Hes lived in Canada for 31 years, but
sculptor Paul Lancz, 69, says his heart remains in
Hungary. Not every immigrant feels the same way, says
Lancz apologetically. But he says many of them do, in
particular those who come here in their mid-or late-
adult years. You cant change," Lancz says.
You stay European or Hungarian or Greek. Your heart
stays there as long as you live." Since coming
to Canada, Lancz has made a name for himself through
his bronze-cast sculptures, which include the
likenesses of Cardinal Leger , Abe and Allan
Bronfman, actress Jayne Mansfield and former United
States President John F. Kennedy. The last of these,
commissioned by Henry Birks and Sons, now sits in a
park at the corner of Jeanne Mance and President
Kennedy boulevards. He says it is comforting for him
to know that the Kennedy monument is something "
lasting and beautiful he gave to the city.
Artistically and architecturally, Montreal is all too
monotonous, he says. And that, he adds, is where
North American cities are no match for the capitals
Making their living
In Europe, sculptures, monuments and great
architecture are present just about everywhere you
go, Lancz says. Here," I feel alone as an
artist" When he left Hungary, 200 people in that
country were making a living as sculptors, he says.
Here, he knows maybe 20. He left after the Hungarian
revolution , at the age of 38. He didnt want to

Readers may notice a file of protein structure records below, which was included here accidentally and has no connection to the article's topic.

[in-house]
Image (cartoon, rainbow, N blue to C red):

talk about the specific reasons he chose to leave his
homeland. He doesnt like to talk publicly about
politics, he explained. He came to Canada in January
1957 with his wife, Elizabeth, and their then -five
-year -old daughter, Annie, and with his two brothers
and their families. Lanczs other child, Peter,
31, was born in November of that year. For the first
year, the three families rented an apartment on
Querbes Ave. in Outremont. All together they were 10
people. After they had saved enough for a down
payment , the three families bought a cottage on
Durocher Ave. Lancz still lives there today. The
three families lined together in the Durocher Ave,
home for eight or ten years. Then, his two brothers,
Leslie,76, and George, 68 , and their families. ,
bought a duplex a few houses away. Its meant a
lot to Lancz to have his brothers living nearby.
Unity makes you stronger , he says.
Throughout the years, the three have run their won
picture-framing business, Hungarian Art Studio , on
St. laurrent Blvd. " If I were living in
Budapest, I would get together with other sculptors
there. I could live more of a social life.
Could have been better
"Here, I dont find the same
connections." Definitely, he says the different
environment shows up in an artists works.
" I could have been a better artist if I had
stayed there, Lancz says. " I can
imagine I would have been happier in those
surroundings" But on the other hand, maybe it
wouldnt have made any difference. "maybe
its just the memories he says.